Swing Clock Defined | Swing Surgeon - Don Trahan Peak Performance Golf Swing

Swing Clock Defined

Wed, 01/13/2010 - 16:00 -- Don Trahan

A few times in blogs, I'€™ve seen comments about DJ'€™s and my hand and shaft positions in the swing. That got me to thinking that there are some serious misunderstandings about the time references to a clock I use. I was giving a lesson to Jim from Ontario, Canada the last two days and the clock-time references I use came to light. So here goes. Let'€™s see if I can accurately and simply define and explain the time references so we are all looking at the same clock in the same way.

Let'€™s start with the real biggie of standing the club up to the 12:00 o'€™clock light position at the top of the backswing. So 6:00 o'€™clock is below my feet. The way to visualize this is to be standing behind the golfer on the toe line looking out to where they would be hitting their ball. Now imagine seeing a big clock suspended over or in front of the player as if they would be hitting through it or above my head, as seen in the picture below. 12:00 o'€™clock should be above the player'€™s head, as seen in this picture of me from the Foundation Swing Manual on page 10,1 with the accompanying explanation of the shaft and body positions below the picture.

Picture #1

Down-the-line
1. Club at 12 o'€™clock, above hands and still '€œlight.
2. Clubhead is above hands-sometimes called
'€œcrossing the line'€. Most of
you who are at 10:00, swinging to 12:00 will feel
that way. You'€™ll hit it better
'€œcrossing the line'€ '€”between 12 and 1 o'€™clock'€”
than '€œlaying off'€ or being
'€œflat'€ between 10 and 11 o'€™clock.
3. Hands above head.
4. Elbows and hands form an equilateral triangle, elbows
level (parallel to ground).
5. A line drawn from the butt of the club to the ground, is within acceptable
parameters if it passes through anywhere from the top of the right shoulder to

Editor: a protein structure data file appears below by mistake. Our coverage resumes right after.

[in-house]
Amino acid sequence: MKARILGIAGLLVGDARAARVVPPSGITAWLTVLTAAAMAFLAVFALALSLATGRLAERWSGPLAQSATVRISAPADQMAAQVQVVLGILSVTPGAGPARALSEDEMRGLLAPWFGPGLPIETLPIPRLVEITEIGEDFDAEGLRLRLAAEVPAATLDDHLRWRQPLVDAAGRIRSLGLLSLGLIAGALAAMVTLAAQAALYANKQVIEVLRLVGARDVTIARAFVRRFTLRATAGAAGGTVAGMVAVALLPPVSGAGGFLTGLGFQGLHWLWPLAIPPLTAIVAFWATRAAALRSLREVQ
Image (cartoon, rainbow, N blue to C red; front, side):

the base of the neck, as seen above, and down to the top of your shoelaces.
The line can go as far back as your ankle, but if it goes behind your heels,
you are too flat and inside, in the sacred burial ground. If it goes anywhere
beyond your toes, you are too upright and outside.

Picture #2

I am certain some of you have thought the above picture is the top of backswing 12:00 o'€™clock position. It is not as figure 1 is the top of backswing 12:00 o'€™clock light position and is determined through a down the line view not a face on view as this is. This view is around a little past half way up in the backswing. It is to show how fast or soon the club should be stood up vertical to 12:00 o'€™clock in the backswing. That is, by the time the forward arm (left for me a right handed player) is parallel to the ground the club shaft should be perpendicular 12:00 o'€™clock and in the light position in harmony with gravity.

Now, this face on view and the clock is how I see that the club is stood up as fast as possible in the backswing. As far as checking the length of the backswing, I also use the face on view. Looking at the next Picture # 3, you will see my face on top or finish of the backswing for the 7 iron. A driver will be a little farther but not much.

Picture 3 does not have a clock above me. If you imagine the same clock that is above me in picture #2, you will see that my shaft is pointing somewhere around 1:00 o'€™clock. The driver will go a little farther but not reach 2:00 o'€™clock. A shaft for any club reaching 3:00 o'€™clock would be a parallel backswing. A shaft going past 3 to 4 o'€™clock or later is a beyond parallel swing and is called an over swing in conventional instruction. Whereas for PPG, with our backswing ‚¾ length parameters, anything past 2:00 o'€™clock and certainly parallel is considered an over swing.

Picture #3

Top of Backswing

Notes
This is as much as you want to take it back – 3/4, thumbs up. Beyond,
you lose dynamic balance and control.

Face On
1. Shoulder turn (70 degrees) in line with left knee.
Back angled away from target, rather than straight
up and down or tilted toward the target.
2. Top of the upper arm under chin (not the
shoulder).
3. Hands even with or above head.
4. Lot of space between shaft and head.
5. Palms still perpendicular, left wrist flat.
6. Right arm is a right angle.
7. Head still in the same place, looking at the ball.
8. Right leg '€œloaded.'€ That is, your hip socket, knee and ankle are in straight
line. Knee flexed.
9. Left foot remains on the ground. Left knee is still resisting and is wide and
in line.

I hope these pictures and the explanations of the positions of the body and club help clear up the concept of using the time on the face of a clock to check club shaft and body positions in the swing. The key is the view looking at the clock. The length of backswing view of the clock is face on, as in picture 3. Standing the club up at the top of the backswing is looking down the line, as seen in picture #1.

Now hopefully we are all on the same page seeing and relating to the same image.

The Surge!

Blog Tags: